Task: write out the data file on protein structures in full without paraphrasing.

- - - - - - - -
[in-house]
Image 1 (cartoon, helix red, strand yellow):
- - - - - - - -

[in-house]
Image 1 (cartoon, helix red, strand yellow):